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France adopts corporate duty of vigilance law: a first historic step towards better human rights and environmental protection

[Press Release]

21 February 2017: The French Parliament adopted a much-awaited law establishing a duty of vigilance obligation for parent and subcontracting companies. The law marks a historic step towards improving corporate respect for human rights and the environment. ECCJ joins the French corporate accountability platform, Forum Citoyen pour la RSE in calling on European countries, the EU institutions, and the international community to develop similar legislation.


The law, which only applies to the largest French companies, will make the latter assess and address the adverse impacts of their activities on people and the planet, by having them publish annual, public vigilance plans. This includes impacts linked to their own activities, those of companies under their control, and those of suppliers and subcontractors, with whom they have an established commercial relationship.  


When companies default on these obligations, the law empowers victims and other concerned parties to bring the issue before a judge. Judges can apply fines of up to € 10 million when companies fail to publish plans. Fines can go up to € 30 million if this failure resulted in damages that would otherwise have been preventable.


Despite being a major achievement, French civil society organisations argue the law’s text could have been more ambitious. The law’s scope is limited, only covering around 100 large companies. The burden of proof still falls on the victims – who often lack the means to seek justice – further accentuating the imbalance of power between large companies and victims of abuse. Furthermore, if damages are incurred despite a parent company having implemented an adequate vigilance plan, the company will not be liable: a company is not required to guarantee results, but only to prove that it has done everything in its power to avoid damages.


France has taken a first step today, but it should be followed by similar binding legislation at national, European and international level, to make globalisation work for all. ECCJ joins Forum Citoyen pour la RSE in asking the French Government to continue on this path and promote the duty of vigilance law at European and international level, and show support for other initiatives aiming to improve corporate accountability, like the UN Treaty on Business and Human Rights.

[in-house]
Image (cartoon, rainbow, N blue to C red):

Although France is the first country to adopt binding legislation of this sort, the development is part of a larger movement across Europe. Similar legislation is currently being considered in Switzerland, where the necessary signatures have been collected for a referendum on mandatory human rights due diligence.


In February 2017, the Dutch Parliament adopted the Child Labour Due Diligence Bill. If approved by the Dutch Senate, the law would require companies to identify whether child labour is present in their supply chains and – if this is the case – develop a plan to combat it.


In 2016, the UK adopted the Transparency in Supply Chain Clause of the Modern Slavery Act. This provision requires companies domiciled or doing business in the UK to report on the measures they take to prevent slavery or human rights trafficking in their supply chains.

Numerous calls have been made by EU CouncilCouncil of Europethe European Parliament or the G7 highlighting the need to improve corporate responsibility and access to justice for victims, especially in regards to human rights and environmental abuses taking place in supply and subcontracting chains.


– END –

More information: ECCJ Coordinator Jerome Chaplier,


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